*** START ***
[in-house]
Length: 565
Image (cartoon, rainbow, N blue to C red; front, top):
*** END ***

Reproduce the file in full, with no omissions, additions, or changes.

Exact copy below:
[in-house]
Length: 565
Image (cartoon, rainbow, N blue to C red; front, top):